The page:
Homepage Everyday Adventures Work Visit! Contact


It was hard to sell all of our bikes before we left Palo Alto. Like most suburban kids, the girls used their bikes a lot. Giving them up was a very tangible, and unwelcome, part of our move preparations.

As compensation, we agreed that they could get new bikes in China. After all, that's where most bikes are made today. We figured we could buy much nicer ones, and spend less than it would cost to ship theirs to China. Ever the deal-maker, Sami immediately asked if she could buy a scooter instead. She had been trying them out lately, and liked them a lot.

We learned two things about all this after we got here.

  • Bikes are, indeed, much cheaper in China: about 75% less.
  • Kids under 12 are not allowed to ride bikes on city streets. This is a smart rule, since riding a bike in Beijing takes equal parts nerve and skill. Helmets are not required (and therefore no one wears them), but the many near-misses one sees everyday would surely result in more accidents if there were kids involved.

Sami bought a scooter right away -- a cool model that folds up when not in use. Miranda graciously accepted her inability to ride a bike, and got downright excited about scootering after Sami let her try. Miranda got her own scooter, a nifty petite aluminum model with folding hand-rests.

And then they were off!

Sometimes the girls scooter in the neighborhood, but today we decided to venture out to the nearby stadium parking lot, which was really smooth and shady.

First stop, the guard at the gate. Our apartment complex has three gates, each manned around the clock by young, friendly men. They love the girls, and seem alternately bemused and fascinated by the goings-on within our complex.

Then it's through the gate! We live right behind the "city hall" for our section of Beijing (Beijing has boroughs, like New York City. We live in the Manhattan of Beijing, in an area that is equivalent to Midtown, in terms of rents and convenient location).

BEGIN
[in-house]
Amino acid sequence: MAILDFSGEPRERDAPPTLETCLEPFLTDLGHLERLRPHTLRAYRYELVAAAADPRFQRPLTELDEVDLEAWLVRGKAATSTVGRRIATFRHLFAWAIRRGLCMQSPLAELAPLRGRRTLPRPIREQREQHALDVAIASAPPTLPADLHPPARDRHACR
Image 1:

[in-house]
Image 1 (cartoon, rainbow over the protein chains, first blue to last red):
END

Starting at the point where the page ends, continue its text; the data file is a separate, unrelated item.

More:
Next door is a Russian boarding house (the red sign in the distance of this picture is completely in Russian). Most of the customers are men who spend their days buying things at the nearby markets, and their evenings supervising the loading of massive lorries headed back to Russia. Some of the boarders are women, whose synthetic hair and body parts are prerequisites for their trade.

A line of pedi-cabs is always waiting for customers right in front of the boarding house. These guys are from out of town, looking to make some easy money hauling foreigners around the neighborhood (you almost never see a native Beijinger in a pedi-cab).

Since the traffic is so bad, taking a pedi-cab actually makes a lot of sense. They cost about the same as a taxi, and usually get there more quickly.

Best of all, they're very romantic!

Our favorite pedi-cab driver is Mr. He. He's been driving for more than 6 years, is married to a hair dresser, and has a young son. His younger brother also drives. We like him because he's honest, and drives very carefully.

The same cannot be said of the other drivers, which is why we now give all of our business only to the brothers He.

After taking the previous shot, I clambered in with the girls (it was a tight fit!). Mr. He then started on the 7-minute trip to the stadium. I kept trying to get a shot of the traffric jams (or imminent accidents) through which we were weaving, but ended up with only this benign photo.

Trust me that pedi-cabbing is not for the faint of heart!

Along the way we passed several nearby construction sites, one of which is part of the 2008 Olympics preparation. We're not sure what venue will go there, but we're excited that it is practically next door!

After a short ride, we got to the stadium, unloaded ourselves and the scooters, and proceeded to have a great time exploring the whole area. We found a cool indoor archery range, a place to rent car-campers, one of Beijing's two youth hostels, and an underground store filled with gorgeous silks from Soochow. No rhyme nor reason to this assortment of venues!

But we were having fun enjoying the weather and the freedom of zooming around on scooters. So much fun, in fact, that we forgot to take more pictures!


Homepage Everyday Adventures Work Visit! Contact